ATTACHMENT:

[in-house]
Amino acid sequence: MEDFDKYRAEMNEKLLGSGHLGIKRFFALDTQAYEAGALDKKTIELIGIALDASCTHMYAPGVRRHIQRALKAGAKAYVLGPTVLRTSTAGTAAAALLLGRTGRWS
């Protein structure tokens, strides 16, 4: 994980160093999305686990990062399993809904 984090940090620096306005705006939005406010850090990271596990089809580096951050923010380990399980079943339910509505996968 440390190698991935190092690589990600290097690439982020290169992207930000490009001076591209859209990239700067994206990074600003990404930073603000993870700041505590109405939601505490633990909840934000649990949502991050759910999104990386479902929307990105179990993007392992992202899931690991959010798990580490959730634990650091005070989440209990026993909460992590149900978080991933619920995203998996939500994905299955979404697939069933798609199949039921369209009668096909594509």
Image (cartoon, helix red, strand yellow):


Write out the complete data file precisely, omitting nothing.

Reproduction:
[in-house]
Amino acid sequence: MEDFDKYRAEMNEKLLGSGHLGIKRFFALDTQAYEAGALDKKTIELIGIALDASCTHMYAPGVRRHIQRALKAGAKAYVLGPTVLRTSTAGTAAAALLLGRTGRWS
């Protein structure tokens, strides 16, 4: 994980160093999305686990990062399993809904 984090940090620096306005705006939005406010850090990271596990089809580096951050923010380990399980079943339910509505996968 440390190698991935190092690589990600290097690439982020290169992207930000490009001076591209859209990239700067994206990074600003990404930073603000993870700041505590109405939601505490633990909840934000649990949502991050759910999104990386479902929307990105179990993007392992992202899931690991959010798990580490959730634990650091005070989440209990026993909460992590149900978080991933619920995203998996939500994905299955979404697939069933798609199949039921369209009668096909594509």
Image (cartoon, helix red, strand yellow):